Home » NEWS » Dining » Vote set on alcohol sales in 1 of Mississippi’s dry counties

Vote set on alcohol sales in 1 of Mississippi’s dry counties

It could soon be possible to buy beer or liquor in part of one of Mississippi’s last five dry counties.

The Northeast Mississippi Daily Journal reported Friday that referendums are set for Oct. 15 to allow alcohol sales in Booneville in Prentiss County. One measure would allow sales of liquor and full-strength wine. The other would allow sales of beer and light wine. Voters could reject both measures, approve one, or approve both.

Benton, Choctaw, Walthall and Webster are the other four counties in Mississippi where beer and alcohol sales are illegal throughout. Many other counties are a patchwork of wet and dry areas.

Booneville voters rejected beer and light wine sales in 2010 by just 21 votes. Voters across Prentiss County rejected alcohol sales by a broader margin later in 2010. State law says there must be a five-year span between liquor elections. Beer elections can be held every two years.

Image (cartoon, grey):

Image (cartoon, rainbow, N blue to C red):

Supporting legalization is C.J. McCoy of Moving Booneville Forward. He says sales would help businesses and generate tax revenue.

“This is not a moral issue, it’s a business decision,” McCoy said. “Beer and liquor are already in Booneville. “But people are spending their money in other counties and the tax money stays there. That is detrimental to Booneville.”

McCoy’s group gathered more than 900 signatures from Booneville city voters to put the two referendums on the ballots. Absentee voting is already underway.

McCoy said organizers have been talking about a new referendum since 2015, but were told it would soon be a moot point. They were led to believe that the state legislature planned to abolish prohibition and make the entire state wet.

“That never happened,” McCoy said, “so we started collecting signatures.”


… we’d like to ask for your support. More people are reading the Mississippi Business Journal than ever before, but advertising revenues for all conventional media are falling fast. Unlike many, we do not use a pay wall, because we want to continue providing Mississippi’s most comprehensive business news each and every day. But that takes time, money and hard work. We do it because it is important to us … and equally important to you, if you value the flow of trustworthy news and information which have always kept America strong and free for more than 200 years.

If those who read our content will help fund it, we can continue to bring you the very best in news and information. Please consider joining us as a valued member, or if you prefer, make a one-time contribution.

Click for more info

About Associated Press